Assault is a violent crime because it involves physically harming someone else. Because of this designation, if you face this charge, you need to take your defense seriously.
A violent crime conviction can come with a range of bad consequences. It is not something you want on your record if you can avoid it. One common defense is a lack of intent, but according to Texas law, that may not work with this criminal charge.
Definition of assault
Assault in this state is when you physically harm someone intentionally or recklessly. It also includes threats to hurt another person.
Based on that definition, you do not have to have the intent to harm to face an assault charge. You do not even have to actually cause harm as long as the other person felt there was a reasonable threat you might hurt them.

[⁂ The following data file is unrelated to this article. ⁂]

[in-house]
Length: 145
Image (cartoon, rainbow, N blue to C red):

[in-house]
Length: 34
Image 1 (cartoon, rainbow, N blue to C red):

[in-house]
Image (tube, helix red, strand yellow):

Even more important to note is that assault also can occur when you have any contact with another person’s body and that person perceives it as offensive. So, if you bump into someone and they feel you were aggressive or otherwise felt it was within your control to not touch them, it could result in an assault charge.
Building your defense can be tricky with an assault charge. You will have to look at the specific wording of the prosecution’s accusations to know if you could even try to use intent as a way to defend yourself. Still, with the wording of the law, it may be impossible to try to use that as a way to get out from under the accusations. You may wish to find a different angle.